A word from our CEO

Our CEO, Scott Sanders, shares his heart for our movement in 2017 and reflects on why Common Grace is needed now, more than ever.

ceo-framed.jpgI don’t know about you, but more than ever before I desperately need a movement like Common Grace to inspire me to keep pursuing justice.

I am grateful to have been part of the team that helped set up Common Grace a few years ago, but to be honest at the time it felt utterly inappropriate to presume we knew what a Christian movement of justice could look like. Who were we to suggest things could be different? What did we have to offer? Would people even respond? But that place of feeling inadequate and powerless, that place is precisely where a movement like Common Grace needed to start.

You see, we are a movement of Christians who believe in a better way – the way of Jesus. We believe that as we speak, think and act more like Jesus, God will move us to the margins of society, proximate us with the vulnerable and inspire us to stand with them in confronting and overcoming the injustice that holds them back.

As a movement we seek to build power so that we may have influence to impact the issues that concern us. But the crazy notion behind Common Grace is that the way we seek to build power is through powerlessness. Our model of engagement comes from our nonviolent Lord who broke the ultimate injustice by submitting to death at the hands of those he came to save, and powerfully breaking death’s hold through his sacrifice and resurrection.

The way of Jesus is power through vulnerability, and we too are called to engage in our world with this same posture, to break injustice through service and sacrifice.

This has been a sobering thought for me over the last six months as I’ve taken on the reigns of Common Grace from our founding director, Jarrod McKenna. To presume my privilege or my experience somehow gives me a platform to pursue justice on behalf of others is to miss the point. Instead I’ve learnt as I’ve met with Aboriginal Christian leaders, as I have heard from survivors of domestic violence, as I have grieved the state of God’s beautiful creation, that God calls us to pursue justice alongside the powerless.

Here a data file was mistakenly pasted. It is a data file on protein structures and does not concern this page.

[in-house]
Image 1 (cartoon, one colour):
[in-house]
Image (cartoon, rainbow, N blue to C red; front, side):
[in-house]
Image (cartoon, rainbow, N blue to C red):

And now, more than ever before, our world is in need of God’s common grace.

We are becoming increasingly polarised, and in response too many are retreating into safe, comfortable, familiar echo chambers that lead to exclusion and derision of those who see things differently to us. Rather than generously opening our homes, we are fiercely closing our borders. Instead of stewarding God’s beautiful creation, we’re increasingly harming it. As our neighbour sits beaten on the road to Damascus, too many of us are crossing to the other side of the road.

We believe in a better way – the way of Jesus – and your commitment to be involved is needed now, more than ever. We are a movement made up of thousands of Christian who together believe things can be different, that Christians can be champions for justice across our country, that we can be know for our generosity, our grace, our compassion, for our likeness to Jesus.

But to be honest, we are a movement funded by you. We operate on super-lean budgets which are stretched wide to reach our ambitious goals, but we’re not there yet for 2017. We get that a big part of this is living in faith that God will provide, and our story is a testament to his goodness in this regard, which is why we’d invite your support. The best way is to become a monthly supporter, but we’d also welcome a one-off contribution to support our work this year.

I am praying that 2017 will be a year when, even as many are closing their doors, Christians will be keeping theirs open. That we’d be bursting our filter bubbles and engaging with those who think differently to us, that we may hear from and stand alongside those experiencing injustice rather than speak on their behalf. I’m praying that we may together know and practise the power of powerlessness that is marked by Jesus – because God knows we need this now, more than ever.

Grace and peace,


Scott Sanders
CEO, Common Grace